Heba Shaheed, The Pelvic Expert, shares her personal story and expert tips for living with endo...
First National Action Plan For Endometriosis Is A Game-Changer For Australian Women
The announcement of the first National Action Plan for Endometriosis is deeply personal to me. I’d been told “period pain is normal” my entire life, and after 11 years of suffering and invalidation, I finally received a diagnosis and treatment for endometriosis.
The Action Plan is a crucial step to reducing the alarmingly delayed diagnosis averaging 7 to 10 years, and I can breathe a sigh of relief knowing that girls and women will finally be heard when they complain of period pain.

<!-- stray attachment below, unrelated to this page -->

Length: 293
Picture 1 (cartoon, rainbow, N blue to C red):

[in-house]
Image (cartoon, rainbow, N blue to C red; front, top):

I believe that we need to implement up-to-date menstrual health education in schools, and we must screen for endometriosis in school-aged girls. This can help prevent and reduce the disastrous effects of ongoing inflammation and growth of endometriosis and subsequent chronic pelvic pain and infertility.
I remember vividly in my early teens, waking up in the middle of the night in such severe pain that I crawled my way out of my room and down the stairs, crying in agony, until I reached my parents’ bedroom. We rushed to the hospital, and I honestly felt like my uterus was going to explode. The hospital pumped me full of morphine, and sent me home the next day, with no mention of the possibility of endometriosis.
Read the rest of this feature at ModernAustralian.com